|From right, Art Taylor, Debra Goldstein, Cathy Pickens and husband Bob, and me.|
I’ll never forget my first visit to Malice Domestic about fifteen years ago. Everything about it seemed to spell impossible expectation. The time of year. The distance to travel. Getting leave from work. Arranging for my mother to travel with me. Yet, Mary Higgins Clark would be there, and I was obsessed with her books. When I imagined my future, it was writing novels like Mary Higgins Clark’s.
Somehow, all the pieces came together. Impossibility became reality. I went. Standing in line to get my picture with Mary Higgins Clark, I met Dana Cameron, who has become a wonderful, supportive friend. The photo with Mary Higgins Clark and her daughter Carol Higgins Clark has become a talisman for me, a symbol of what I can achieve. When one of my relatives asked who those people were (not recognizing me), I convinced myself I looked enough like an author to be mistaken for one. I’ve continued that happy delusion ever since.
I dub this year’s Malice “a celebration of the short story.” Malice revived its tradition of publishing anthologies with Malice Domestic’s Murder Most Conventional, with twenty two original stories and one reprint all set at conventions. (Another anthology is planned for next year featuring historicals.)
While I missed lunch with the Guppies, I had a wonderful time with Debra Goldstein, Barb Goffman, and others. Barb won her first Agatha this year for “A Year Without Santa Claus,” her first publication in Alfred Hitchcock Mystery Magazine.
At the SinC Breakfast, the announcement of a new initiative, “We Love Short Stories,” organized by Debra Goldstein, was met with applause and great expectations.
I thoroughly enjoyed being on a short story panel with James Lincoln Warren (a first class moderator who brought his panelists California wine), Teresa Inge, K.B. Inglee, and Jayne Ormerod. We missed being with Eleanor Cawood Jones, a contributor to the new Malice anthology, who had became ill. During our discussion time, we explored the diverse themes, characters, and settings for mystery short stories. Jim kindly read selections from each panelist's stories to the audience.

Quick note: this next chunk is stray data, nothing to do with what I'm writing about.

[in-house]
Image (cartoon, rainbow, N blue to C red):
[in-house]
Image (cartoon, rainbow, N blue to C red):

At the banquet, so many attending had backgrounds as both short story writers and novelists. Terrie Farley Moran, who won an Agatha for best first novel last year, was nominated in the short story category this year. B.K. Stevens, who broke her arm and sadly could not be there, had a table full of supporters, cheering her nominations for short story and young adult novel. (Notice in the photo below that B.K.'s daughter Rachel and publisher Carla Coupe are holding up Her Infinite Variety, a new collection of B.K.'s short stories.) I had the pleasure of celebrating with Art Taylor when his novel in short stories, On the Road with Del and Louise, received the teapot as best first novel.
Hurray for another wonderful Malice and double hurray for the recognition of the importance of the mystery short story. It's going to be a wonderful year for reading!